Colbert-Busch, by comparison, does not have any major scandals in her past; her biggest disadvantage is running as a Democrat in one of the most Republican states in America. She has sought to identify with South Carolina’s tradition of strong fiscal conservatism by highlighting her background as a businesswoman. She has worked in many positions, in both the public and private sectors, relating to the Port of Charleston and the commerce that flows through it. The economy of the First Congressional District derives in no small part from the port. She currently sits on the board of the Charleston Chamber of Commerce, which oversees port operations.
Colbert-Busch’s experience and connection with the port could prove beneficial in South Carolina, which was hit hard by the recession and continues to suffer unemployment above the national average. In addition, her campaign has benefitted from the profile of her brother, who has fundraised with her and brought millions of dollars into her war chest. National Democrats have also taken an interest in the race, seeing it as a prime off-year pickup opportunity and one-step closer to their ultimate goal of House control.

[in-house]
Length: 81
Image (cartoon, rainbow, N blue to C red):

Since this is a special election and no other House races are being run, balance of power is no longer an issue. This race will not tip control of the House, making Republicans more willing to vote for Democrats and vice versa — the polarizing effects of the uncertainty surrounding balance of power are gone in this race, making the outcome a more accurate reflection of voters’ feelings about the candidates. This could prove fatal for Mark Sanford, as he will benefit less from the Republican label in a very conservative state.
Sanford’s best bet, then, is to tie Colbert-Busch with national Democrats, such as Barack Obama and Nancy Pelosi, who are deeply unpopular in the state. His campaign has pursued this angle — at one point having Sanford debate a cardboard cutout of Pelosi in the place of Colbert-Busch. The money flowing in from national Democrats who want to see Republicans upset on their own turf has helped this argument considerably.